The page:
Mindfulness may significantly improve GI symptoms in IBS patients
Researchers have found that Adults with irritable bowel syndrome experienced fewer gastrointestinal symptoms after they participated in a mindfulness program meant to reduce stress. Mindfulness‐based stress reduction training was associated with robust improvements in GI symptoms and associated problems in participants with IBS.
The results of the study have been published in Neurogastroenterology & Motility.
Irritable bowel syndrome (IBS) is a common and often debilitating chronic gastrointestinal disorder characterized by abdominal pain and altered bowel habits. Pharmacological treatments are often ineffective, leading to the development of a variety of behavioral interventions. Mindfulness‐based stress reduction (MBSR) is one such program that has shown efficacy in reducing gastrointestinal (GI) symptoms and improving quality of life (QOL). This single‐arm intervention study examines the association of clinical outcomes with changes in specific aspects of mindfulness.
In the study, 53 women and 15 men with irritable bowel syndrome participated in an 8-week mindfulness-based stress reduction class.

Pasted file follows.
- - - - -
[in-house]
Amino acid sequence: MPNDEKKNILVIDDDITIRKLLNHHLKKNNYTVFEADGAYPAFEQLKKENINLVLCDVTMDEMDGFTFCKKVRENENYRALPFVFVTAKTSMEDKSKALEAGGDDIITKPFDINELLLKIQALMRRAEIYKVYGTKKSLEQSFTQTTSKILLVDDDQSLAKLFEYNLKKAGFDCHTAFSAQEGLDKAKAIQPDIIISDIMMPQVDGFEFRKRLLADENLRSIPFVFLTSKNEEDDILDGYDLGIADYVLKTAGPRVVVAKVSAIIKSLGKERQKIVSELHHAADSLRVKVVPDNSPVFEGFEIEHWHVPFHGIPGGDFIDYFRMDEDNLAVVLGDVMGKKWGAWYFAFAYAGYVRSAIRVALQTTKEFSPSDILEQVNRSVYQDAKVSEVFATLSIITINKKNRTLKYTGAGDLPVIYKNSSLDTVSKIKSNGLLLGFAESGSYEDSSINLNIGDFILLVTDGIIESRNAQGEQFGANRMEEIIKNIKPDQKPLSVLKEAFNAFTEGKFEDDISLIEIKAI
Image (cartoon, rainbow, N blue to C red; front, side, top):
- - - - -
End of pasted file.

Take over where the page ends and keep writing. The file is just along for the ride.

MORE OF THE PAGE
Most participants experienced significant improvements from pre-treatment to 3 months follow up regarding gastrointestinal symptoms, quality of life, and anxiety related to gastrointestinal symptoms. Although increases in 3 of the 5 measured facets of mindfulness were found, increases in the ability to stay in the present moment and act with awareness seemed especially important.
"This study shows that people with irritable bowel syndrome can have significant improvements in their symptoms and quality of life without medication or diet change, just by participating in a mindfulness-based stress reduction class," said senior author Kirsten Tillisch, MD, of the University of California, Los Angeles. "Further, it implicates a specific aspect of mindfulness as particularly important: acting with awareness. It appears that by improving this moment to moment awareness in their daily actions, people with irritable bowel syndrome feel better, possibly because this mindful activity in the present moment keeps the brain from going back to old fears or worries."
Although significant increases in 3 of the 5 measured facets of mindfulness were found, regression analyses suggest that increases in the ability to retain present moment focus and act with awareness may be particularly important for improving outcomes in individuals with IBS. These results may inform the refinement of mindfulness‐based protocols specifically for the treatment of IBS.
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